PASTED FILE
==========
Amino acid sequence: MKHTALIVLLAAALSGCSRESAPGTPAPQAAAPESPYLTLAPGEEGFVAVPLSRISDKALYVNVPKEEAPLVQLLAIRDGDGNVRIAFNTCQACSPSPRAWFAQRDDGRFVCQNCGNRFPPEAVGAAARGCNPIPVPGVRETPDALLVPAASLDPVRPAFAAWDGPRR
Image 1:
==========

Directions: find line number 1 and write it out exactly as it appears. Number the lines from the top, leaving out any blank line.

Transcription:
Amino acid sequence: MKHTALIVLLAAALSGCSRESAPGTPAPQAAAPESPYLTLAPGEEGFVAVPLSRISDKALYVNVPKEEAPLVQLLAIRDGDGNVRIAFNTCQACSPSPRAWFAQRDDGRFVCQNCGNRFPPEAVGAAARGCNPIPVPGVRETPDALLVPAASLDPVRPAFAAWDGPRR